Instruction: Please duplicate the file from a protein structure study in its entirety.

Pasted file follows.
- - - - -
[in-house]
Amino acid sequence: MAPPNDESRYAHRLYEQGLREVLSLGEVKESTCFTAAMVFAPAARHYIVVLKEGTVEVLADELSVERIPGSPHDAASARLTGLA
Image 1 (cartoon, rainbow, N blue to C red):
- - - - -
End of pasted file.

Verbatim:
[in-house]
Amino acid sequence: MAPPNDESRYAHRLYEQGLREVLSLGEVKESTCFTAAMVFAPAARHYIVVLKEGTVEVLADELSVERIPGSPHDAASARLTGLA
Image 1 (cartoon, rainbow, N blue to C red):